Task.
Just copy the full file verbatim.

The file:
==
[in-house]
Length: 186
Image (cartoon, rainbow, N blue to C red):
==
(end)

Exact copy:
[in-house]
Length: 186
Image (cartoon, rainbow, N blue to C red):